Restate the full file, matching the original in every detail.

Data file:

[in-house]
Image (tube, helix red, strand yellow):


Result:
[in-house]
Image (tube, helix red, strand yellow):